The Day The Earth Stood Still
With the nuclear age came the realization that humanity had crafted a fire as destructive as any god. Worse, there was no sign that God stood in its way. One of the first movies to address that anxiety, The Day The Earth Stood Still recast the story of Christ in the stainless steel curves of the post-war era, using flying saucers and otherworldly visitors in the service of a not entirely reassuring reminder that existence is much bigger than us, and may barely notice if we disappear. The boom that does us in may be echoed only by a disappointed sigh and the sounds of the universe moving on.
Working from a script by Edmund North (Patton), taken from a story by Harry Bates, Robert Wise directs the movie with a minimum of spectacle. A UFO lands in Washington D.C. in the opening scene and leaves at the end. In between, we meet a placid visitor named Klaatu (Michael Rennie) and an intimidating giant of a robot named Gort with incredible powers of destruction and little inclination to employ them unless necessary. But the focus remains on humanity. After getting shot while trying to introduce himself, Klaatu disappears into the streets of Washington, takes the name Carpenter (possible symbolism alert), and befriends a widowed mother (Patricia Neal) and her son (Billy Gray). With the son in tow, he wanders the U.S. capital, seeing reminders of the principles we profess and balancing them against the newfound destructiveness that brought him there in the first place, all while attempting to convey a simple, disturbing message to the leaders of Earth: They’ve reached a point where they’re either going to have to live with each other or not live at all.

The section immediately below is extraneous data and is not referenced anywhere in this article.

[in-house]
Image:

The story skimps on the subtlety, but Klaatu compensates by wearing a look of paternal disappointment that suggests the cosmos knows we could do better if we tried a little harder. It’s an understated parable that uses hulking metal monsters and beams of destruction to remind viewers of the importance of staying peaceful and selfless and the possibility that something out there may notice if we don’t.
Key features: The new edition reprises a commentary track with the late Wise and Nicholas Meyer and adds one with a group of film and music historians with a special emphasis on Bernard Herrmann’s influential, theremin-heavy score. A Blu-Ray feature lets viewers create their own quaver-tastic theremin music. (Also, there’s a trailer for a remake starring Keanu somebody.)